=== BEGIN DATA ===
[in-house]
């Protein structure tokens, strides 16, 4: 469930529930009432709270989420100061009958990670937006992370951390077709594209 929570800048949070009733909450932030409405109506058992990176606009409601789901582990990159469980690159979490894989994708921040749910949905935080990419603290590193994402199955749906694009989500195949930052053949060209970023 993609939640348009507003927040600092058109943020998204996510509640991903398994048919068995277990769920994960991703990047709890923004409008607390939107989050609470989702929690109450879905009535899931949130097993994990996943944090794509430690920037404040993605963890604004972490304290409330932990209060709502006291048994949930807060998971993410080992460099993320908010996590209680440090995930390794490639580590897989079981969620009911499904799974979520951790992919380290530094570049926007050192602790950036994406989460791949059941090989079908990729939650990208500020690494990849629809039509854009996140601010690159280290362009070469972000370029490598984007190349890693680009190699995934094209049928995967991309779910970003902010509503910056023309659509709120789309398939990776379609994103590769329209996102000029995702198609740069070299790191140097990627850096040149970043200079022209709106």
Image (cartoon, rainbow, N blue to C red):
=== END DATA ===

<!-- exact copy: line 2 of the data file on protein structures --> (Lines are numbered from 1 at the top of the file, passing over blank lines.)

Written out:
């Protein structure tokens, strides 16, 4: 469930529930009432709270989420100061009958990670937006992370951390077709594209 929570800048949070009733909450932030409405109506058992990176606009409601789901582990990159469980690159979490894989994708921040749910949905935080990419603290590193994402199955749906694009989500195949930052053949060209970023 993609939640348009507003927040600092058109943020998204996510509640991903398994048919068995277990769920994960991703990047709890923004409008607390939107989050609470989702929690109450879905009535899931949130097993994990996943944090794509430690920037404040993605963890604004972490304290409330932990209060709502006291048994949930807060998971993410080992460099993320908010996590209680440090995930390794490639580590897989079981969620009911499904799974979520951790992919380290530094570049926007050192602790950036994406989460791949059941090989079908990729939650990208500020690494990849629809039509854009996140601010690159280290362009070469972000370029490598984007190349890693680009190699995934094209049928995967991309779910970003902010509503910056023309659509709120789309398939990776379609994103590769329209996102000029995702198609740069070299790191140097990627850096040149970043200079022209709106």